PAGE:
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Was it unethical for the New York Times to report the leaked PED-users’ names?

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It’s always fun to rip on The Blogger Murray Chass when he writes something ill-advised, bitter and ridiculous.  But sometimes he writes something bitter and thought-provoking (sorry: bitter is just part of the deal with him these days).

For example, over the weekend he noted how neither the New York Times nor the New York Daily News (UPDATE: Seen note below re: the Daily News) were quick to report the decision by the Justice Department to not appeal the court’s ruling that the PED-tests of the famous 104 were illegally seized.  While such editorial oversights are often innocuous, I agree with Chass that given how zealous both the Times and their PED-reporter Michael S. Schmidt and the Daily News with their Steroids “I-Team” have been in reporting even the tiniest PED-related story over the years, the fact that they were so slow to report what was truly big news in this regard was more than a little curious.  Almost everything those two outlets have written on PEDs over the past few years has been premised in some way on the list of anonymous PED tests from 2004. You tellin’ me that a final decision that the lists were illegal to begin with isn’t newsworthy? C’mon.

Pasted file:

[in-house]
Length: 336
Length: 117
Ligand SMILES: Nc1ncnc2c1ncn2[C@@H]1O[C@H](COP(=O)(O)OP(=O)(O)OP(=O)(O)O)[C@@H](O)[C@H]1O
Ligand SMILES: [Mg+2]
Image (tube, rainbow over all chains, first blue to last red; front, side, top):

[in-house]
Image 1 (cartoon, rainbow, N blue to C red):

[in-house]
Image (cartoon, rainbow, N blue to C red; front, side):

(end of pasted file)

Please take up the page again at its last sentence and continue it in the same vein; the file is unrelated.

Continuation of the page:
What interested me most, though, was that in the course of making that argument, Chass says this about Schmidt:

Michael S. Schmidt, the Times’ steroids specialist best known for inducing lawyers to violate a court seal and name protected names, did not respond to e-mail requests for comment, but Jay Schreiber, the Times’ baseball editor, did. Schmidt’s efforts incidentally in outing three players looks even worse now that the list of names can never be revealed. If there had been any good reason for the publication of those names or any names I might feel differently, but it served no purpose other than to serve some readers’ prurient interest and perhaps the reporter’s ego.

At the outset, let’s keep in mind that Chass has ripped every single New York Times baseball reporter repeatedly over the past few years because he himself was forced out of the New York Times and he just can’t stand it, thereby fueling his bile. But is Chass wrong to rip Schmidt for being the guy to report the names leaked as a result of the illegal search?

I wouldn’t rip Schmidt personally for it like Chass does but I think he and the Times made the wrong decision to name the names.

This is obviously a stance many would not agree with. Free press and free speech and all, both concepts of which I am a near-fanatical supporter.  Unlike some, I don’t think the Wikileaks guy should be assassinated. I believe that Nazis should be able to march in Skokie, Illinois.  I think the rule against yelling fire in a crowded movie house is a pretty good one, but I am skeptical of most other limits on information’s desire to be free.